Maize is a staple in Kenya and many African countries / Photo: Reuters

By Coletta Wanjohi

The Kenyan government’s decision to reintroduce genetically modified crops has sparked a huge debate over health concerns in the country, where an estimated 5.4 million people are facing acute food shortages following the worst drought in four decades.

The government’s move is facing legal challenges, and at least three cases are being heard by the courts in Kenya.

In October 2022, the government of President William Ruto lifted a decade-long ban on the cultivation and import of genetically-modified (GMO) maize, the staple diet in the country with a population of over 54 million people.

Moses Kuria, the Kenya Cabinet Secretary for Trade, defended the controversial decision. “We have deliberately decided to allow GMOs into this country until we are satisfied that we have enough maize,” Kuria had said in October.

The Biodiversity and Biosafety Association of Kenya, is one of the entities that have sued the Kenyan government for attempting to lift the ban.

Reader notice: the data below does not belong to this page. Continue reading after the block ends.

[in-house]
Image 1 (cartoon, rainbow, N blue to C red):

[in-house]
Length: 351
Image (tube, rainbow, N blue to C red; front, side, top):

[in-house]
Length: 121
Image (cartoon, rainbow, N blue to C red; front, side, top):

“The government made a unilateral decision without proper public consultation,” explains Anne Maina, the National coordinator for Biodiversity and Biosafety Association of Kenya.

“In 2015 we went to court again, and the ruling that was made by the court then was that before GMOs are introduced into the country there has to be proper public participation, education and public awareness so that never happened.”

“Our current status is that we went to court after lifting of the ban and the judge returned the ban before they make a ruling in a court case,” explains Anne.

A recent survey by the non-profit Route for Food shows 57 percent of Kenyans were unwilling to consume GM crops over health concerns that have blighted the sector globally for decades.